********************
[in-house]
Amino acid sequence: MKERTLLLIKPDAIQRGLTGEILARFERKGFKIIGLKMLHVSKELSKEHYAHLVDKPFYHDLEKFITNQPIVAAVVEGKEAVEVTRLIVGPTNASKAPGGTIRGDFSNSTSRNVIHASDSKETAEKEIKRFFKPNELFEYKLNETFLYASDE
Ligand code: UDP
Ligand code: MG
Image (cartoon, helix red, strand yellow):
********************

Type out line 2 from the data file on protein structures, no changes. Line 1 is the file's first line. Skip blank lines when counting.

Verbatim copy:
Amino acid sequence: MKERTLLLIKPDAIQRGLTGEILARFERKGFKIIGLKMLHVSKELSKEHYAHLVDKPFYHDLEKFITNQPIVAAVVEGKEAVEVTRLIVGPTNASKAPGGTIRGDFSNSTSRNVIHASDSKETAEKEIKRFFKPNELFEYKLNETFLYASDE